Lilly says nothing like that has ever existed. But the organization does have an “incentive for personal giving” program open only to Lilly employees, who can apply for a 2-to-1 match of every dollar they donate to an outside charity. Employees must certify the donation is coming from them and not from outside individuals or organizations.
For months, Lyons mailed at least $1,500 to a contact at Lilly, Anderson told the Times. When a Lilly check arrived at the church, he told her where to deposit it. For her help with each transaction, she was typically given $300.
Occasionally, Anderson would talk by phone to a woman at Lilly who wanted to make sure the church had the forms it needed.
Her name, Anderson said, was Rochelle McCanns.
From 1975 until her retirement in 2015, McCanns held a number of administrative positions at the Lilly Endowment. The last was overseeing its matching gift program for employees.
The Lilly Endowment is one of the largest private foundations in the world, with more than $10 billion in assets. In a typical year, it awards hundreds of millions in grants, much of it to education and religion programs.
The matching gift program is designed to encourage employee giving.
Between 2009 and 2014, Lilly paid New Salem’s nonprofit arm — New Salem Ministries — $132,200 in matching grants. In each instance, McCanns signed a form certifying she had made the initial contribution personally, according to a statement by Clay Robbins, the Lilly Endowment chief executive.
At the time, the church charity provided food for the poor, child day care, an after-school program and other social services. It was supposed to receive $20,000 in 2009; $23,400 in 2010; $18,800 in 2011; $21,000 in 2012; $26,000 in 2013 and $24,000 in 2014.
Bank statements and church records show at least $94,000 was diverted into other accounts controlled by Lyons.
Most of it went to Regions Bank in Tampa. Lyons directed an 82-year-old deacon to start the new account, called the New Salem Missionary Baptist Church Benevolence Fund, on Feb. 11, 2013. Bank statements show the deacon opened it with $3,000 from church members’ tithes and donations.
That was the same day the U.S. Attorney’s Office informed Lyons of its plans to audit his finances to ensure he was paying his legally required restitution for crimes committed while president of the National Baptist Convention. It was also the same day prosecutors filed a subpoena on BB&T bank, demanding records about Lyons’ checking and savings accounts there.
Until that time, New Salem kept its benevolence funds at SunTrust and PNC banks. They were small pots of money set aside to provide loans to church members in crisis.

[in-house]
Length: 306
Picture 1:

The fund would range from as little as $100 to as much as a few thousand. Dispersals were capped at $300, with each case required to be approved by Lyons and one other church leader.
Between February 2013 and December 2014, $69,800 in Lilly matching money moved in and out of the account at Regions. The cycle of deposits and withdrawals was repeated 15 times, with checks from Lilly or McCanns coming in and money going out to Lyons or accounts he controlled.
Breach Ministries, a charity created by Lyons, received $42,100. Almost $15,000 went to Lyons directly while $10,700 was paid to National Trusted Partners, an organization founded by Lyons.
Church officials say the benevolence fund at Regions was created without their knowledge. They say they didn’t learn of the Lilly checks until told by the Times.
The deacon has since left the church.
G.W. Stewart, treasurer for National Trusted Partners at the time of the transactions, told the Times he was unaware the organization had received thousands intended for New Salem Ministries. Lyons alone controlled the checkbook, he said, as well as related financial transactions. He insisted he was a treasurer in name only and never saw financial statements or held any real oversight power.
“One time Lyons brought the checkbook with him and I saw something that I couldn’t understand,’’ he told the Times. He said he asked Lyons to identify the recipient of a particular check.
“And he said, ‘Well, I have some personal business mixed up with that. So don’t worry about that,’?’’ Stewart said. “I left it alone. After that I didn’t ask any more questions. I figured if I don’t know nothing about it then I’m not involved.”
Most of the Lilly donations do not appear to have been disclosed to the Internal Revenue Service by New Salem Ministries, as required by law.
You can read the entire story here.